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Christian Advertisement Says Your Work Has No Meaning

December 29, 2008

I was driving back to Philly from my brother’s house in Kentucky last week after the Christmas holidays when I ran into some dense fog right around the Maryland-Pennsylvania border. We were coming into the home stretch after about eight hours of driving, and I turned on the radio to see if there were any accident reports.

As I scanned the AM radio waves, I landed on a station that was playing a catchy advertisement. It caught my attention. The announcer’s voice sounded like the authoritative voice of God, and he was having a conversation with a guy about his job. I can’t recall it verbatim, but it went something like this:

God/announcer:  “How’s your job going?”

 Christian Schmuck: “Pretty good, I guess. I’ve made it to Vice President of Sales. I make good money, and have a bunch of people reporting to me.”

God/announcer: “Yes, but are you really fulfilled in this job? Does it give you meaning?”

 Christian Schmuck: “Well, I don’t know. I get up every day and do the same old thing. I don’t really feel like I’m having an impact on people.”

 God/announcer: “Maybe it’s time you look for a job that you can really believe in!”

 Christian Schmuck: “Gee, that sounds great! How would I do that?”

 God/Announcer: “Go to CHRISTIAN JOBS DOT COM! You’ll find hundreds of jobs working for Christ-centered organizations.

 Cut to tag line:   Isn’t it time that you found meaning in your work? Go to Christian Jobs dot com and find a job that you can believe in!


So there you have it. If you are not working for a “Christian” organization, then you are not really doing anything meaningful.

This is why I do not listen to Christian radio.

Who comes up with this crap? I know it’s a tough economy right now, and lots of people are struggling to find jobs, but come on. This comes off as manipulative and seedy. Why do some Christians have to perpetuate this idea that unless you are working for a non-profit/ministry/outreach organization, then your work has no meaning?

Aside from demeaning every “real” job and organization that exists out in the “real” world, this type of advertising lulls Christians into burrowing deep into the safety and security of working with other Christians, under the pretext that they will now be “serving Christ.” But what I want to know is, how will we then have any influence in the world around us if all the Christians are huddled together in a white-washed sanitized corner called “ministry,” shuddering and shunning against all that is secular? Shouldn’t it be the other way around? I mean, aren’t we better off serving God by getting into the mix of the actual, true, dirty, real world and then being our best “salt and light” in the midst of it?

It disturbs me, this incessant need of certain Christians to insulate and protect themselves from the seemingly cruel, harsh, meaningless vapor of the evil secular marketplace.

When I got home, I logged on to the site, to learn more, to check myself on over-reacting. I called up the website, and sure enough, there was that tag line prominently displayed on the upper left corner: “Find a job you can believe in.” Once in the front page, I was immediately presented with a scrolling list of job opportunities: Houseparent. Handi-Camp Nurse Manager. A vague reference to “Oversees Teaching Opportunity.” I noticed many ministry and non-profit positions listed. All right, then. I will concede that if you are interested in MINISTRY, or if you have a hankering for the helping professions, this site might be a good place for you to find a job.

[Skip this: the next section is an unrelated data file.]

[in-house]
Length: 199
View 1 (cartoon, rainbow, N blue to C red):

Hmmm. So are there any for-profit jobs? Real jobs? Okay, here’s one – “Termite Sales Inspector.” Great.  Wait – here’s one. An Outbound Sales Consultant for Group Publishing. I know those people. That’s a real company that sells curriculum to youth programs and Sunday Schools. A real, Christian company. One that makes money.

I moved on to the testimonials on the lower left side of the web page to see what kind of people are using this site, and what kind of success they’ve had. The feature quote is from “Brenda” of Deer Park, NY. “There are so many Christians that have various skills and talents that do not have a source of job and business opportunities availaable to them,” she gushes, with a typo on “availaable.” I guess Brenda thinks that if you are Christian, you can’t figure out how to use other job sources like LinkedIn and recruiters and networking and the want ads and career fairs, right? Lame. I looked for some more testimonials.

“Its just the vehicle that will allow me to utilize my skills in a meaningful and God-honoring way.” Says Georgia of Titusville, FL. Georgia apparently can’t manage to honor God unless she is under the halo of the safety and comfort of a ministry organization. Georgia’s testimonial had a typo, too. She forgot the apostrophe on the “Its” when she started her sentence. If I see a resume with a typo, I always throw it in the trash. It’s just not a good sign.

After reviewing this web site and considering their advertising spot, I have reached my own startling conclusion. Rather than promoting this site for what it is – a marketplace for ministry-oriented jobs – the advertising campaign of is calling Christians away from the challenges, education, courage, creativity, and leadership required of “non-Christian” careers.

How timid, I’m thinking. How insular, cowardly and self-serving this appears, luring good Christians further and further into the fog and haze of a safe Christian environment.

That is not at all like the God I serve.


Am I crazy? Am I being too harsh? Have I missed something? What do you think?

17 Comments leave one →
  1. December 29, 2008 9:42 pm

    My wife teaches at a secular emotional-growth boarding school (for “problem students” on the recovering side). Among my Christian friends, there are salesmen, computer programmers, radio DJ’s, contractors, web developers, a State Trooper, a couple real estate agents, several bank tellers (some of whom used to work for me), and so on.

    My father is even a public school teacher (gasp!).

    Somehow, they all manage to find purpose in their work without working for Christian groups. It might be because they have contact with other people, including ones to whom they can witness.

  2. December 29, 2008 10:22 pm

    i wood lik to be a roket sientest or a pie macker.
    ar ther any openings for thos jobs?

  3. kathy hickey permalink
    December 29, 2008 11:36 pm

    I like it.

  4. December 30, 2008 12:39 pm

    nAnCy, ha! your so funny.

    brad, one of my “favorite” christian tv commercials was for the Bible on dvd. two pieces i remember: 1) the entire well-dressed, smiling family piled on the couch while a narrator read Scripture passages. (if this weren’t unnatural enough, i remember flames blazing on the screen behind the words). 2) the irony when the commercial said “if you’re not completely satisfied, we’ll give you your money back.”